Wildlife at Work with Wildlife Habitat Council and General Motors

We may have celebrated Earth Day on Monday, but it’s never too late to adopt an eco-friendly lifestyle. I was recently joined by the Wildlife Habitat Council’s Margaret O’Gorman and General Motors James Bell to discuss just that! Margaret dished on why wildlife habitats are so important to the environment and what company’s need to do to create a certified wildlife habitat. GM’s James Bell discussed how General Motors is giving back to the environment and helping wildlife across the country, and much more!

Wildlife Habitat Council's Margaret O'Gorman and General Motors James Bell on why wildlife habitats are so important to the environment!

Wildlife Habitat Council’s Margaret O’Gorman and General Motors James Bell on why wildlife habitats are so important to the environment!




Candace Rose: Why are wildlife habitats so important to the environment?

Margaret O’Gorman: “Wildlife habitats are important to the environment because they provide homes for our wildlife- our birds, our bees, our bats and our mammals that use them. Across the planet wildlife habitats are being destroyed and disappearing. And when they disappear, the species that live there also disappear. They can become rare, they can become extinct. What we do at Wildlife Habitat Council, for 25 years we’ve worked with some of the leading corporations in the U.S. to create, restore and implement wildlife habitat projects on their lands.”

Candace Rose: What does a company need to do to create a certified wildlife habitat?

Margaret O’Gorman: “A company that works with Wildlife Habitat Council will sit down with us and our biologists and determine what the best biodiversity objective for them is. What can they do given the restrictions of their site, given the location of their facility, given the staff that’s there. What should they be trying to impact in terms of change for wildlife habitat. And then we work across the sites for corporate member. We go from facility to facility and work with the employees there because we want the employees to be engaged in the implementation of the habitat project. We ask the employees to do the project whether it’s removing invasive species or restoring wetlands or planting trees, and then we ask them to monitor what happens with the project. And when that happens we can certify the wildlife habitat project as a wildlife at work project, and if they have a learning component as a learning project. So by working with with us, a corporation can really identify the best use of its lands for wildlife.”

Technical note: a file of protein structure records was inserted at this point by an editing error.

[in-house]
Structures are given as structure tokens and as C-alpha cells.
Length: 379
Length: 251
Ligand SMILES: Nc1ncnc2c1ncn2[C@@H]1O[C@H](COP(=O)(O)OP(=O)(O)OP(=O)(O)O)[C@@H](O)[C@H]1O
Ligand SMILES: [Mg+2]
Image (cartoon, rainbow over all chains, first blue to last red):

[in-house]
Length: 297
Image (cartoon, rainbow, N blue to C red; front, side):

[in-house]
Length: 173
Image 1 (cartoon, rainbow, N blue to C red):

Candace Rose: GM recently won an award for its landfill program. Can you tell us the Quest for Zero landfill?

James Bell: “Absolutely. You think about your own household, how many bags of garbage and recycling you put out to the street corner every week. Well, imagine if you’re running a car company and having facilities all around the world. That’s part of the car building process creates some degree of waste. Well, what we’re aiming for and have done so in about half of our facilities now is to have no garbage going out. So a great example of that is this box here in front of me (please see video above) this is the casing that holds the battery in a Chevrolet Volt. It’s a very high tech machine obviously, and the plastics that are used in this are also very high tech. Because of that, they cannot be recycled in a classic manner so they have to find a way to reuse them, so it doesn’t go into a landfill.


This casing from a Chevrolet Volt was turned into a bat box.

This casing from a Chevrolet Volt was turned into a bat box.


So in this particular case we’ve transformed this into a bat box. This can be hung on the side of a tree. The bats are very happy, safe and obviously it’s very durable. You can count on that to be their home for many years to come. And we have one here for wood ducks, so there’s ways to use the materials that come out of the car building process in ways that keep them from going into a landfill, but more importantly as we mentioned earlier being used in proactive ways.”

Candace Rose: How can people get involved in local wildlife habitat programs?

Margaret O’Gorman: “People can get involved with local wildlife habitat programs by working with Wildlife Habitat Council. Our website: WildlifeHC.org has a complete list of all of the projects that we do with our members, so somebody can just go on our website and locate where they are and see if there’s a project nearby that they can get involved with. And if there’s no such project, maybe they can get their employer to be involved with Wildlife Habitat Council and implement projects on their lands. And if they want to do it in their own back garden, the basic thing that people should do is plant native species. By planting native species you’re encouraging wildlife to come and use your garden.”


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